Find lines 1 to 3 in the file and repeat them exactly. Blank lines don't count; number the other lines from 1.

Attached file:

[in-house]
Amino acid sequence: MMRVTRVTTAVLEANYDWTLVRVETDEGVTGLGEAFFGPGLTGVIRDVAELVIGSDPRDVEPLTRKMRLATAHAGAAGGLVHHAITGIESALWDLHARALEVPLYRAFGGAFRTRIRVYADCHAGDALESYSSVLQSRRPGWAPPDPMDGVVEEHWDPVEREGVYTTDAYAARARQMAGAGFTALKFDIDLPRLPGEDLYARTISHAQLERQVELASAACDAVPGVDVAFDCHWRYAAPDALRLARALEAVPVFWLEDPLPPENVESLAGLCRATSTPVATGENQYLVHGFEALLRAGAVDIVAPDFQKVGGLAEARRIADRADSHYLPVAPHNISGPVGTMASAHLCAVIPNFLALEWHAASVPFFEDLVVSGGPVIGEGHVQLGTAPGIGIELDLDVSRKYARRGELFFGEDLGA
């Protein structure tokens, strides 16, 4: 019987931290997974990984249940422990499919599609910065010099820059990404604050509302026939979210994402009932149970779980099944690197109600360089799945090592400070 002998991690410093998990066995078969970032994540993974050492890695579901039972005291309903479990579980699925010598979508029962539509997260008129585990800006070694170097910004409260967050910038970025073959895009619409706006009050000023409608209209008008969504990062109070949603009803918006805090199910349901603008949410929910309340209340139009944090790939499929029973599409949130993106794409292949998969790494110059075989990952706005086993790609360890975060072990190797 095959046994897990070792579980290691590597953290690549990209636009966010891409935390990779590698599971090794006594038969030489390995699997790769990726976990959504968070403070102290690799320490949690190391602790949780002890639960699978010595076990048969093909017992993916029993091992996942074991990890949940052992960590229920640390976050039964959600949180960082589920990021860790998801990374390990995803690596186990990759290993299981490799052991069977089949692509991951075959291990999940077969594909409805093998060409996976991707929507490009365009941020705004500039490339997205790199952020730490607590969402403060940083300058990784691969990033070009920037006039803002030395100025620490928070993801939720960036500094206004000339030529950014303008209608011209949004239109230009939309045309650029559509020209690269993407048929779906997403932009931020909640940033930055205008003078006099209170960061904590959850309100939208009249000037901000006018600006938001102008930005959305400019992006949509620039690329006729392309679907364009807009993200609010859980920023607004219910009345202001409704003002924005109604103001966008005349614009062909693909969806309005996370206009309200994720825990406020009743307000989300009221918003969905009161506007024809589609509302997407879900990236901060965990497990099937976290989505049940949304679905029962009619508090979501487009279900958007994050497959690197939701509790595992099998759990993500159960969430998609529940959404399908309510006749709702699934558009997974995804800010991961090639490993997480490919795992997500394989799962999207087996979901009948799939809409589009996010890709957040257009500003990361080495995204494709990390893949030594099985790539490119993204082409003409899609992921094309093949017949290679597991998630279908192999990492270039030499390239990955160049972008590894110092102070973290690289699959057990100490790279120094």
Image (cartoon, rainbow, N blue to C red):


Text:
[in-house]
Amino acid sequence: MMRVTRVTTAVLEANYDWTLVRVETDEGVTGLGEAFFGPGLTGVIRDVAELVIGSDPRDVEPLTRKMRLATAHAGAAGGLVHHAITGIESALWDLHARALEVPLYRAFGGAFRTRIRVYADCHAGDALESYSSVLQSRRPGWAPPDPMDGVVEEHWDPVEREGVYTTDAYAARARQMAGAGFTALKFDIDLPRLPGEDLYARTISHAQLERQVELASAACDAVPGVDVAFDCHWRYAAPDALRLARALEAVPVFWLEDPLPPENVESLAGLCRATSTPVATGENQYLVHGFEALLRAGAVDIVAPDFQKVGGLAEARRIADRADSHYLPVAPHNISGPVGTMASAHLCAVIPNFLALEWHAASVPFFEDLVVSGGPVIGEGHVQLGTAPGIGIELDLDVSRKYARRGELFFGEDLGA
């Protein structure tokens, strides 16, 4: 019987931290997974990984249940422990499919599609910065010099820059990404604050509302026939979210994402009932149970779980099944690197109600360089799945090592400070 002998991690410093998990066995078969970032994540993974050492890695579901039972005291309903479990579980699925010598979508029962539509997260008129585990800006070694170097910004409260967050910038970025073959895009619409706006009050000023409608209209008008969504990062109070949603009803918006805090199910349901603008949410929910309340209340139009944090790939499929029973599409949130993106794409292949998969790494110059075989990952706005086993790609360890975060072990190797 095959046994897990070792579980290691590597953290690549990209636009966010891409935390990779590698599971090794006594038969030489390995699997790769990726976990959504968070403070102290690799320490949690190391602790949780002890639960699978010595076990048969093909017992993916029993091992996942074991990890949940052992960590229920640390976050039964959600949180960082589920990021860790998801990374390990995803690596186990990759290993299981490799052991069977089949692509991951075959291990999940077969594909409805093998060409996976991707929507490009365009941020705004500039490339997205790199952020730490607590969402403060940083300058990784691969990033070009920037006039803002030395100025620490928070993801939720960036500094206004000339030529950014303008209608011209949004239109230009939309045309650029559509020209690269993407048929779906997403932009931020909640940033930055205008003078006099209170960061904590959850309100939208009249000037901000006018600006938001102008930005959305400019992006949509620039690329006729392309679907364009807009993200609010859980920023607004219910009345202001409704003002924005109604103001966008005349614009062909693909969806309005996370206009309200994720825990406020009743307000989300009221918003969905009161506007024809589609509302997407879900990236901060965990497990099937976290989505049940949304679905029962009619508090979501487009279900958007994050497959690197939701509790595992099998759990993500159960969430998609529940959404399908309510006749709702699934558009997974995804800010991961090639490993997480490919795992997500394989799962999207087996979901009948799939809409589009996010890709957040257009500003990361080495995204494709990390893949030594099985790539490119993204082409003409899609992921094309093949017949290679597991998630279908192999990492270039030499390239990955160049972008590894110092102070973290690289699959057990100490790279120094």